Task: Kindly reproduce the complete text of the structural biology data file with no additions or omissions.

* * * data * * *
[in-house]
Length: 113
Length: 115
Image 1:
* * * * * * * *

[in-house]
Length: 113
Length: 115
Image 1: